Region Skåne Digitizes the Pathology Laboratories in Whole of Southern Sweden
Digitizing pathology means turning traditional microscope glass slides into digital images, which are then analysed by pathologists directly from the computer screen, instead of using regular microscopes. This is a similar revolution in pathology as which has already taken place in radiology. The contracted delivery not only digitizes the slides but will completely renew the IT support for all workflows of the pathology laboratories in the Skåne region.
The four pathology laboratories run by Region Skåne produce about 400,000 histological microscope slides a year. Currently, the samples are prepared into microscope slides and are then physically distributed to pathologists. Slides are then analyzed using regular microscopes. There is currently limited IT support for the workflow, making it difficult to track the status of pending cases and to identify the bottlenecks in the production workflow.
Skåne is challenged by the workload of pathologists spread over four laboratory sites in the region. The challenges are mostly related to physical slides, which can only reside – and be analyzed – in one place at a time. With the digital pathology in place, all pathologists from all laboratories of Skåne can gain access to all cases and related slides. Together with the introduction of digital pathology, another goal of Region Skåne is to introduce so-called LEAN workflows.
”It is really exciting for me to get to lead the Pathology department into a completely new digital era, which should provide us with improvements both for quality and patient safety by better utilizing the competencies of all of our pathologists in the whole region,” comments Lena Luts, Division Chief for Clinical Pathology in Region Skåne.
The digitizing will not only ease the distribution of slides for the pathologists’ viewing but will also solve the needs for storage. Swedish law requires Region Skåne to keep all slides for a minimum of 20 years, and today this requires a lot of physical space. It is also difficult to retrieve a particular case from the archive. In the digitized format, the annual production of about 400,000 glass slides will consume a respectable 300 terabytes of storage each year. Region Skåne believes that having the slides in digital format not only makes them more accessible but will also save costs in the long run. Digitizing such a large volume of slides and analyzing them on the computer screen will make this installation possibly the largest of its kind in the world.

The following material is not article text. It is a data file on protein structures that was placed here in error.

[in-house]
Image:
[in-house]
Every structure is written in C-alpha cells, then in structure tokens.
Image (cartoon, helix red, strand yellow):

A key component in the delivery is a new workflow management system, which will manage both the pre-analytical and analytical stages of the laboratory process. An adapted version of Software Point’s C5 LIMS will be in total charge of managing the workflows and tracking all events within. It will maintain a real-time status of each sample, slide and case, and will ease the work of both laboratory technicians and pathologists with advanced functionalities such as integration to laboratory automation, datamatrix labeling of all objects, and speech recognition for pathologists.
The digitized slides are seamlessly integrated into the C5 LIMS workflows and are directly accessible from all pathologist workstations in the region. Slide scanning will be handled by 14 slide scanners placed in four locations. Images are saved directly into a centralized database. This part of the solution comes from Aperio Technologies, a U.S. company and the world leader in digital pathology, who are represented in Sweden by LRI Instrument AB.
The digital slides will reside in Hitachi’s Content Platform, which employs distributed object storage. All of the images will be kept exceptionally well-protected, duplicated across several physical discs. This makes the traditional backing up of data unnecessary.
The total delivery also includes diagnostic workstations and a speech recognition system for pathologists’ use. The work of the pathologists will be further eased by the introduction of computerized image analysis algorithms, which can automate tasks such as cell counting.
“This is an important milestone for us. Our workflow-centric C5 LIMS, complemented with the best of breed systems from Aperio and Hitachi, make up a solution unlike anything else on the market. We see tremendous potential in digital pathology and this is one key element in our strategy for further expanding the position of our LIMS in the healthcare marketplace,” comments Andrea Holmberg, CEO of Software Point.
The system will be delivered under total responsibility of Software Point. It will be taken to limited production before end of 2011 and full production will begin in 2012. Software Point will also provide Region Skåne with extensive maintenance services to ensure the continuous operation of the system.